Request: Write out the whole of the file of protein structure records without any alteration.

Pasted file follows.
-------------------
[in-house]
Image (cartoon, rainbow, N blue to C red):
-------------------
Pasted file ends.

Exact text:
[in-house]
Image (cartoon, rainbow, N blue to C red):